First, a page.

November 2, 2015
I've been recently reading through Samuel and Judges. I feel like I have to disclose that this is my first time really digging in to the Old Testament in a few years.
In 2 Samuel 6, David is leading a procession back to Jerusalem with the Ark of the Covenant. It is a knock-down, drag-out journey, complete with an old-fashioned smiting, proof that it was downright dangerous to manipulate something so holy as the Ark with human hands. David even halts the caravan for a while, seeming to question the worth of risking the rest of the journey to Jerusalem.
(At this time, he left the ark at the house of Obed-edom the Gittite, in case you were curious. Imagine waking up one morning, putting on some coffee, rubbing your eyes, and upon opening them, the image the most direct manifestation of the almighty God materializes through the window to your front yard...)
After deliberating, David finally pulls together his courage and, girt with a linen ephod and much pluckiness, finishes the over-land ox-cart voyage to Jersualem.
As the Fellowship of the Ark crests the final hill into the great city, they are greeted with an...unexpected sight: David, dancing "with abandon...with shouts of joy and sound of horn." His moves even gathered the scorn of his old mentor-turned-nemesis Saul's daughter, now one of his wives, who chastises him for "exposing himself to the view of the the slave girls" of Jersualem. The final verse of the chapter dismisses her as childless until her death.
At times, I can't help but laugh at soap opera-like webs of relationships and the apparently mundane nature of curses and smitings in the Old Testament.
Fast forward some 3000 years, to January 28th, 2014, when Pope Francis spoke of the importance of praise in his daily homily. The aforementioned story was the first reading in daily Mass, and important inspiration for Papa's sermon.
David danced because he was moved beyond all composure at the fulfillment of so deep a longing in his heart (which was so near to the Lord's; see Acts 13:22), and the heart of all the people of Judah. The Lord now resided in His temple, in His city in Israel, His promised land. David's sweet moves (I'm paraphrasing), said Francis, were "precisely a prayer of praise".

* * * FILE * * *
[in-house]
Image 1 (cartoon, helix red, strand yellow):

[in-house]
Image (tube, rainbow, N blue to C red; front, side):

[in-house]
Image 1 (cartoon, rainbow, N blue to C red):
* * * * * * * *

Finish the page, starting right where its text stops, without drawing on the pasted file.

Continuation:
Proceeding deeper into the analogy, the Pope also puts us believers to the question: "How often do we [like Michal from David's story] despise good people in our hearts, good people who praise the Lord as it comes to them, so spontaneously, because they are not cultured, because they do not follow the formalities?” Inhibitions to praise and thanksgiving lead to sterility, as they did for Michal.
I have seen firsthand the deep power of praise; in my case this type of prayer was incredibly fruitful with Saint Paul's Outreach (SPO), a campus ministry organization which I love deeply and with whom I served both in Minnesota and Florida. A culture of praise is deeply ingrained in the being of SPO. Music, expressive prayer, and other elements of the "charismatic catholicism" movement were in full force there, and I can attest to seeing numbers increase at our events, breakthroughs occurring with individual students, and deeper freedom and revitalization expressed by missionaries, specifically after events or meetings that involved an large element of praise and prayer.
Praise is often forgotten in our daily prayers: it's easy to see what's missing in our lives and ask for the Lord's power to humbly come down and touch even the most miniscule of our worries. And that's not wrong. But it's also very easy to forget to proclaim that God is God and we are not. Why should we praise, after all? God knows He is God, and He might very well no even better that we are not, despite our best attempts to convince him otherwise.
Praise is essential. It is the building block of prayer. How can we petition God for our individual needs without first asserting that he is, in fact, powerful and humble enough to hear them? Praise is freely given; it cannot ask for anything in return, for then it would cease to be praise. This selfless nature must only be sweeter to the Lord. Praise helps us see reality and situate ourselves. Proclaiming the power, the goodness, the faithfulness of God at times draws us out of ourselves to see his perfection and love, and at times brings about a certain examination of ourselves. As grade-school me would have called it, a "compare and contrast" essay.
And Praise gives life, because it is a conduit of God's goodness, which always bursts forth in new color, new movement, and renewal for our human world. Praise is practice for us to step outside of ourselves, to kill to our habits of self-reliance, and to remind ourselves that eternal glory has been promised to us, simply because God is good and God is love.
I encourage you to take maybe 10 minutes praising the Lord, using your own words, using the Psalms, in adoration, in song (especially good), and "dance with abandon" either externally or internally, in wonder of our God.
Praised be Jesus Christ